• Closure: Buckle
  • Weight: NA
  • Sizes: Universal


  • Very lightweight and not bulky
  • Automatically inflates
  • Durable ripstop material


  • Heavy rain could trigger inflation

Leave it to Bass Pro Shops to make one of the best kayak life vests—and best life vests in general. This super lightweight and low-profile vest is USCG-approved Type V and comes with a CO2 cylinder. As soon as you’re submerged, it automatically inflates in seconds, giving you peace of mind whenever you’re out on the water. There’s also a backup handle that you can pull for manual inflation should you need it.

With a neoprene neckline and flexible design, the vest is comfortable to wear all day in your craft—in fact, you’ll barely realize you’re wearing a life jacket. It’s made of rip- and tear-resistant 200-denier nylon ripstop that will withstand a beating and comes in one universal size with an adjustable strap so you should be able to use it for years to come.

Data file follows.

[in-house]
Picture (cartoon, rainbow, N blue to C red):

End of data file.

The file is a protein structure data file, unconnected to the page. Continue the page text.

Best for Fishing: Kokatat Leviathan

Best for Fishing


  • Buoyancy: 16 lbs
  • Closure: Zipper
  • Weight: 2 lbs 1 oz
  • Sizes: XS-XXL


  • Extensive storage
  • Durable materials
  • Unique features


  • Somewhat expensive

If we measure the best kayak life vest for fishing on safety, comfort, and function, then the winner is Kokatat’s Leviathan. The Kokatat Leviathan life vest is not only the best for fishing, but it is our top pick overall for the best life vest for kayaking. For decades, Kokatat has been making gear for serious paddlers, and they poured all their experience into the Leviathan.